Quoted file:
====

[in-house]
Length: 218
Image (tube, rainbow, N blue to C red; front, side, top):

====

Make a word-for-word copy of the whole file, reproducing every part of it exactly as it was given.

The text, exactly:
[in-house]
Length: 218
Image (tube, rainbow, N blue to C red; front, side, top):